Does Lotion Expire? The Truth About When To Throw It Out

Makeup and other forms of cosmetics have an expiration date. However, unlike food, personal care products contain preservatives to make them last a little longer for daily use. Lotions, which differ from moisturizers, have a long shelf life. But for how long? That is the question.

Unlike food, lotions and other skincare products usually don't have a specified expiration date. The Food and Drug Administration (FDA) does not mandate companies to add best-by dates on labels for items that have a long shelf life (via WebMD). Although it does not mean they can't, it is just not required, so most manufacturers don't bother adding expiration dates. However, makers need to produce products that can last for a specific time. The said, products usually have a shelf life of up to three years. Technically, you can keep your favorite sunscreens and moisturizing lotions for a few years. Then again, it depends on its state.

"But like anything in nature, even preservatives lose their optimal function over time," Dr. Fran E. Cook-Bolden, a New York-based dermatologist, explains (via Real Simple). Some products can be heavy on the pocket, and the thought of throwing them out may not even cross your mind. Sometimes, drugstores have promotions for buying lotions in bulk — then you have a couple of bottles that can last you for more than three years. So, when is the best time to toss out personal care products?

Visual cues can help determine a lotion's expiration date

Many people tend to forget when they opened their lotions or any other personal care products, while others are meticulous and detailed — they often write the dates when they first opened the products on the bottles. If you belong to the latter, good for you. However, experts still recommend checking the formula itself if it smells and any changes in color or texture occur (via WebMD). If your lotion has that rotten egg smell and has a light yellow hue instead of the usual creamy white color, you may want to consider throwing it out.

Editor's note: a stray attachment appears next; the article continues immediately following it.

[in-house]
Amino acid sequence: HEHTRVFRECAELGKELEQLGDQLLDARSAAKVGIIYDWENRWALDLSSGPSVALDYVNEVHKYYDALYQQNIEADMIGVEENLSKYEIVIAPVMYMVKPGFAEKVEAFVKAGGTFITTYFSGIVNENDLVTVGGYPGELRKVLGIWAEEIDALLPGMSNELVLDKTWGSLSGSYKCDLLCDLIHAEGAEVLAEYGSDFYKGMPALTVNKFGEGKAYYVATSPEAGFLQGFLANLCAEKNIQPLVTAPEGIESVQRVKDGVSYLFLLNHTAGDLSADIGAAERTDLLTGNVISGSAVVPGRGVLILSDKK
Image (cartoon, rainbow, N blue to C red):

Sunscreens and other specific types of lotion contain particular ingredients, like skin protectants. Air exposure is usually the cause of why the products oxidize and spoil faster. Lotions with titanium dioxide, benzone, and zinc oxide spoil faster than normal creams. Some experts advise consumers to keep the products only for a few months as opposed to years. Sunscreens have specific Sun Protection Factors (SPFs), and it may be best to get a new bottle every few months to get the product's optimal benefits. Your sunblock that is over a year old may not give you the same level of protection as when you first got the item. For hygiene purposes, consider buying lotions with pumps, as you don't have to stick your fingers inside the product (via Real Simple). In general, lotions can last up to three years if unopened and less if already in-use.